Empire continues to shape Los Angeles landscapes. Take for example that the neighborhood surrounding Harrison Gray Otis’s home and the statue of him is now a center of the Mexican and Central American immigrant community in Los Angeles. It was precisely the type of imperial and commercial ventures that he promoted that resulted in economic displacement of Mexicans and Central Americans over the last century and caused them to seek refuge in the United States. If we consider the history and topography of the MacArthur Park neighborhood, past and present, we unravel the history of empire and its consequences over a century, all within a block. An empire builder and advocate of extracting resources in Mexican and Latin America, stands in the midst of a neighborhood of migrants, many displaced by that history but also creating something new—a vibrant immigrant community in a space suffering from decline and disinvestment since the 1960s.
As Dolores Hayden called for in her pathbreaking book, The Power of Place, it is imperative to “read” or analyze urban landscapes as historical texts, situating ourselves deeply in urban regions and neighborhoods, analyzing urban space as the result of human history and human struggles on particular landscapes. In other words, we must ask questions about how relationships of power or categories and identities of race, class, and gender shape how cities are designed, constructed, occupied, appropriated, desecrated, and admired. In short, social and economic history and urban landscapes are intertwined.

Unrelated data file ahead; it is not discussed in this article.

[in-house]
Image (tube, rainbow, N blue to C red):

In a moment of intense public debate over historical monuments, historians are interrogating the narratives we tell—or fail to tell—in American landscapes. As in the vigorous recent debate over Confederate statues, historians of California and the West are reconsidering how western monuments and landscapes can tell a fuller and more nuanced story about social conflict and inequality, particularly those rooted in race, ethnicity, conquest, and empire. The remnants of these stories in Los Angeles are all around us—just look up.